Is your great idea ready to roll?
It’s tough raising funds for new ventures right now. The market for startup capital is being squeezed at both ends. On one hand, soft valuations have put exit sales into limbo. On the other, nervousness about a successful exit stops investors from entering in the first place. It also means less capital returning for reinvestment.
The larger end of venture capital still has some dry-powder, but a lot of that was raised prior to the financial crisis, often with a five or six year time horizon. Many funds are approaching the end of their mandate with a poor track record and significant undrawn commitments. In current conditions, much of the dry powder will simply expire.
As for high-risk angels prepared to punt exciting ideas, there are fewer around and they have less money. Even the heavily engaged investor bases that reside in incubator hubs like Silicon Valley seem to be marking time.
What profile works in these conditions?
The first hurdle is having a product, not just a concept. Money to build your great idea is either difficult to attract or too expensive to raise. A diligent investor wants to see and test a working model.
Secondly, you need barriers to entry. First mover advantage is a powerful dynamic but the rapid emergence of look-alike competition can quickly erode even your worst-case revenue forecasts. You need some time inside the city walls.
It’s a big problem for technology start-ups. The accessibility of the cloud – pretty much a wall-free entity – means good ideas that are easy to launch can be quickly duplicated and commoditised. Once that happens, profitability gets squeezed.
Thirdly, if you’ve got something that works, will it work in the market? You may have technical proof-of-concept, but do you have commercial proof? If you can realistically demonstrate demand, you are asking for money to roll it out. You have already started to de-risk the investment and it’s looking more attractive.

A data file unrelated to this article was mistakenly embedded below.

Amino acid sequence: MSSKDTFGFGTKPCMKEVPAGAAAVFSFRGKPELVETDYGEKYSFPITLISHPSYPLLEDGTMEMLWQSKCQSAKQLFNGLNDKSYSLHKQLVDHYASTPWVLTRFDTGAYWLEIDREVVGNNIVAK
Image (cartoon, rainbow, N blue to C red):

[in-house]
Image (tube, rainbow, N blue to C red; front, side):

Lastly, if you successfully raise funds, will you be capable of self-sustaining growth? The turn-off for early stage investors is not so much having to ante up for a second round of founding. It’s the reason for it.
It’s fine for a marketing rollout. But if it’s for more product development rather than revenue generation, investor appetite will be limited. If there is appetite at all, the cost of raising those funds – in terms of the equity you have to give away, or the caveats they will demand – will be correspondingly higher.
Does your proposal have what it takes?
You may have a comprehensive business plan and a great PowerPoint presentation – everyone does – but do you have a working model with clear commercial potential? Will you have some time to build momentum in a well-defended walled city? When the drawbridge is finally lowered and the marketplace rushes in, you will need critical mass, immediate traction and competitive protection.
You can you tick all those boxes and still get it wrong, but there are investors who will take that chance. In the current environment, that’s where the money is.